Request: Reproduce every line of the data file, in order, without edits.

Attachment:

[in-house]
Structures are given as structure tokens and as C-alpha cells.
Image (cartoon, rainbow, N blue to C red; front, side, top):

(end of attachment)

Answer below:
[in-house]
Structures are given as structure tokens and as C-alpha cells.
Image (cartoon, rainbow, N blue to C red; front, side, top):